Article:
The Start Network is a global movement of individuals working in member agencies, as advisors and as contributors, aligned in their efforts to connect people in crises with the best possible solutions.
Our governance is overseen by the Assembly, where representatives from member agencies come together to set the strategic direction. Assembly Members from international NGO families are drawn from the UK branches of those families, and are responsible for communicating with and engaging their international counterparts.
SURGE RESEARCH TEAM:
LOIS AUSTIN, SARAH GROSSO AND GLENN O’NEIL
Start Network members have begun working with Pakistan’s disaster authority to develop a new way of funding preventative action, aimed at helping vulnerable families threatened by drought.
The initiative is the first of its kind involving aid agencies. The planned pilot facility will release funds based on scientific triggers of drought, using insurance tools and principles. Aid agencies would be able to draw on the new source of funding to intervene before the worst effects of a drought are felt, enabling farmers and their families to protect their livestock and other assets.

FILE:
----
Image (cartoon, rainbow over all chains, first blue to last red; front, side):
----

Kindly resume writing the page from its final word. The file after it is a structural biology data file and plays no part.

Aid agencies have begun tackling sudden humanitarian crises involving migrants in the Mediterranean region through a new rapid response fund, financed by aid from the UK government.
Members of the Start Network can now respond to acute need among refugees and other migrants, including thousands who are enduring freezing winter weather, with funding on its way within 72 hours of an alert first being raised.
Typhoon Nock Ten (locally known as Nina) struck the Philippines, making eight landfalls between 25 and 26 December, with gusts of up to 285 km/h and winds of 235 km/h. Affected areas are the Bicol region (Region V), Mimaropa, Calabarzon and Eastern Visayas (Region VIII). Nearly 2 million people were affected and at least three people were killed. 1.4 million of the affected are in Cantanduanes, Albay, and Camerines Sur, in Bicol.
Maps / Infographics
Humanitarian agencies are increasingly responding to slow-onset crises despite facing many challenges according to a newly released report on surge practices for slow-onset crises.